“I can do respect,” Richie replies.

The very next scene is a pre-dinner staff meeting where Richie learns that the restaurant does research on all of their guests. Among the diners that night will be two school teachers. According to one of the teacher’s instagram posts, dining at the restaurant has been a dream of hers and they “have been saving up for this.”  The manager then tells the staff that they are to treat the teachers like VIPs - send them caviar and champagne, give them a tour of the kitchen…but, most importantly, “We’re not going to let these people spend a dollar. Do not drop a check, I want to blow their f-ing minds.”

In another scene Richie asks a seemingly overworked employee “How do you do this all day?” Her response: “Because every night I make somebody’s day.”

Throughout the episode, we watch acts of service transform Richie's perspective - not only on the work he’s doing, but also on his life.

I believe the title “Forks” has a dual meaning. Yes, Richie is polishing forks for a good portion of the show. But, his life is also at a crossroads…a fork if you will. He’s either going to continue down a path of anger and self-destruction…or he’s going to take a better path. Spoiler alert: He chose the better one.

The audience gets to see Richie transformed through acts of service. Genuine, considerate acts of service that need no recognition. The joy is not in being acknowledged, the joy is in seeing the smile on someone else’s face. 

This 35 minute masterpiece reminded me of times when I’ve had the opportunity to serve others.

Question: When you go out of your way to serve someone, who leaves that transaction feeling better? You, or the person you served? You, of course.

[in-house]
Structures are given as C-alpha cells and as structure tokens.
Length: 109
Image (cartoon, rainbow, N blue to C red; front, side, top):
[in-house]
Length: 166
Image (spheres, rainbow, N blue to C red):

Mahatma Gandhi famously said: “The best way to find yourself is to lose yourself in the service of others.”

Now that I’m several pages deep in this email (thanks for sticking with me), you might be wondering why I wanted to share this with you today.

Perhaps it’s because I was emotionally moved by a TV show…a work of art…and I thought you might want to add it to your viewing list.

Perhaps it’s because our aim at ROAD iD is to serve you with excellence. Our team works really hard to put Purpose Over Profit, Be Remark-able, and Care Deeply - all while doing our best to act like real humans - honest to goodness real people that actually care about our customers and the way we do business. It’s entirely possible that I loved this episode so much simply because the team here aspires to deliver a level of service that is similar to the service exemplified in this episode.

Or, perhaps I’m sharing it because I’m inspired by Richie. Perhaps I need to find more intentional and meaningful ways to serve others in my own life.

What if we all spent more time serving others? What would the world look like?

It would be a better place. Period.

Thank you for your time today.

If reading this inspires any thoughts about acts of service, your favorite TV show, or anything really - I’d love to hear them.